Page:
That was the last I had heard of Thunder Gaming aside from the wealth of talent, both players and non-player personnel, that they acquired right out of the gate. This is typically a big warning sign, as no organization that has pulled that move has ever survived long term, but there’s always an outlier. The organization has gone on to do a few events that seemed to have gone off without a hitch, in addition to hosting smaller local tournaments at their venue in Long Beach. So far, so good.

Recently, however, Thunder Gaming has been in the hot seat thanks to a video from a Smash/FGC content creator named Technicals.

It’s a long watch, but the best way to sum it up would be to say that it is a stunning indictment of one Christian Bishop, who was at one time the CEO of Thunder Gaming and has since stayed one as ‘equity participant, partner, and advisor to the business,” a clinical way of saying he’s a shareholder. Despite this seemingly reduced role, he’s certainly one of the leading public figures representing the company, and like a lot of folks in the tech/e-Sports startup culture, he has a pretty sordid history of stringing along investors and shifting from zombie company to zombie company. I certainly don’t weep for your average wealthy stock-market hack, but the fact that Bishop so blatantly misled his investors in a bid to obtain more and more power is pretty damning.

But most revealing is both the combo of his past as a carbon copy of every tech bro whose found power in failing upwards as well as his tweets in reaction to someone’s earnest concern:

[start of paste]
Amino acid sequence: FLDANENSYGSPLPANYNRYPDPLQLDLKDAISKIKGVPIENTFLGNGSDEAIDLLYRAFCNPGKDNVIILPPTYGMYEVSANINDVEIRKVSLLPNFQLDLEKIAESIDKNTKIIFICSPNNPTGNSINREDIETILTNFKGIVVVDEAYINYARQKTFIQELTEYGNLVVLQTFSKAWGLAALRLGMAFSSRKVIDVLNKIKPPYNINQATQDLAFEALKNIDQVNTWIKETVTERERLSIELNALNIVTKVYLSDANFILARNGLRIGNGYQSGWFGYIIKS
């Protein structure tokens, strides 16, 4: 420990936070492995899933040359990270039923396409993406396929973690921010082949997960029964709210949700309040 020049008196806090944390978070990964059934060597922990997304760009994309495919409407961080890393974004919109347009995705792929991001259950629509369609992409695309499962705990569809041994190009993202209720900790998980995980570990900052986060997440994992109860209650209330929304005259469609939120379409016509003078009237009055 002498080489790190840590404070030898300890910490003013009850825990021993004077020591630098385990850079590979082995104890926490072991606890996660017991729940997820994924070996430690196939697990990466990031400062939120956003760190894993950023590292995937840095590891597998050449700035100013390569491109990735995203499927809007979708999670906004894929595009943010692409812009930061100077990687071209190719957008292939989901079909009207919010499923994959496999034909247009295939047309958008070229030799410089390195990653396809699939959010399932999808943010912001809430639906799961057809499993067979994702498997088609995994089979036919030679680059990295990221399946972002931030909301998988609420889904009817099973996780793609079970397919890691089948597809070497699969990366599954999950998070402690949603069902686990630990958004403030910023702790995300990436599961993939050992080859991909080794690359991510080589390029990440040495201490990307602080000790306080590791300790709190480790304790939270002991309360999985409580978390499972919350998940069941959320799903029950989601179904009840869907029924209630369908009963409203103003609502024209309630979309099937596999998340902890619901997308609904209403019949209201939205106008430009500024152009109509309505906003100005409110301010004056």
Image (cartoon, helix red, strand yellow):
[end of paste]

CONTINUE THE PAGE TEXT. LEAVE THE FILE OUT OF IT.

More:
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Mr. Bishop, seeming to have a very feeble grasp on reality, positions the multimedia enterprise funded by the very wealthy son of an Australian grocery empire as a “minority” getting “bullied daily.” He also aggressively touts the idea that helping to amass capital for individuals by writing their paychecks is a virtue, something that puts him above the level of Twitter trash who are skeptical of him and his company’s glorious intentions.

These are far from the only examples of Mr. Bishop seeking out any and all criticism of either himself or Thunder Gaming and puffing his chest out to boast about how much Thunder Gaming has done for the scene and how if people want to help, they, too, could wring some money out of their pockets to help. Moreover, the implication is that the people who are playing have a duty to assist content creators and players in “building their careers,” typically by lining their pockets, and if they don’t, they’re of no use. A true brain worm.

Now I fully understand how this could very well be the ravings of a rogue shareholder, but the fact that Mr. Bishop still refers to himself as an “advisor,” someone whose advice is sought out and heard by the higher-ups, as well as his general status as a public figure representing the organization, one could get the feeling that what he’s saying is an opinion shared by the company he works for.

Of course, I didn’t need to wait long to get confirmation.